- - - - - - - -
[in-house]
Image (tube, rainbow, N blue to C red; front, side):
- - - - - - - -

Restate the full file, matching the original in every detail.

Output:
[in-house]
Image (tube, rainbow, N blue to C red; front, side):